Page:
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The status of the state’s water resources across various categories, including storage levels, rainfall and seasonal outlooks.
Water Storage levels
* Victoria has a 50% share of inflows to Dartmouth and in Hume
** Werribee Basin storage value is the combined volume of the Melton, Merrimu and Pykes reservoirs
Monthly storage levels
As of the end of August 2023:
- Regional storages were 94.2% full
- 2.1% higher than the previous month (92.1%)
- Melbourne storages were 92.1% full.
- 0.3% lower than the previous month (92.4%)
- Total Victorian storages were 93.9% full.
- 1.8% higher than the previous month (92.1%)
Download the monthly dataset
Updated 21 September 2023. The next update is mid-October 2023.
Regional, Melbourne and all Victoria monthly storage levels
Bureau of Meteorology rainfall maps
On the Bureau of Meteorology websites, view
Seasonal climate outlook
Bureau of Meteorology climate outlook
28 September 2023
- There is a moderate chance (30-40%) that November to January rainfall will exceed median rainfall in Glenelg Shire, the Mallee, central northern Victoria to South Gippsland and parts of East Gippsland. There is a low chance (20-30%) of exceeding the median rainfall during this period across the rest of the state.
- Maximum daily temperature in November to January is very likely (>80%) to be above the median for the majority of Victoria, with a slightly lower chance (70-80%) between Portland to the Otway region and the Yarra ranges to Wonthaggi.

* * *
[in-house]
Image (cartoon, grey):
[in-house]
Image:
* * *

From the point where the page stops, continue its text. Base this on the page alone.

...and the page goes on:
- Minimum daily temperature in November to January is also very likely to be above the median (>80%), across eastern Victoria. There is a likely chance (60-80%) of minimum temperatures exceeding the median across the rest of the state.
- The next update is expected on 5 October 2023.
Climate driver update
Bureau of Meteorology climate driver update
26 September 2023
- An El Niño and positive Indian Ocean Dipole (IOD) have been declared and are underway. The concurrence of these events over spring lead to predictions of warmer and drier conditions for much of Australia over the next 3 months.
- Oceanic indicators firmly exhibit an El Niño state. Sea surface temperatures (SSTs) in the central and eastern Pacific are continuing to exceed El Niño thresholds. Models indicate this is likely to continue through to at least the end of February 2024.